Lower Retention Rates for Men Are a Significant Contributing Factor to the Higher Education Gender Gap

New data from the U.S. Census Bureau shows that in October 2020, there were 7,577,000 men enrolled in U.S. higher Eduction. At that time there were 10,097,000 women enrolled in higher education. Thus, women were 57 percent of all enrollments.

But breaking down the data by year of enrollment, we find that part of the gender gap in college enrollments is that men are less likely to persist. There were 1,816,000 men who were enrolled as first-year students compared to 2,244,000 women. So women were 55 percent of all students entering college in the fall of 2020. In October 2020, there were 1,058,000 men enrolled in the fourth year of higher education compared to 1,467,000 women. Thus, women were 58 percent of all students in their fourth year of college.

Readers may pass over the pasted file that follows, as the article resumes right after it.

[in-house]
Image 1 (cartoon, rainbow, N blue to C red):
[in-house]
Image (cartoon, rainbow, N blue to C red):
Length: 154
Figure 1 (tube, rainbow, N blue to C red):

So t seems clear that efforts to reduce the gender gap in college enrollments must not only address initial access but must focus on retention efforts for male students.

The data also showed that there were 549,000 men enrolled in their first year of graduate studies compared to 867,000 women. Thus, women were 61.2 percent of all first-year students in graduate school. In October 2020, women made up 60.5 percent of all students who were in their second year of graduate school or more.


Filed Under: EnrollmentsResearch/Study

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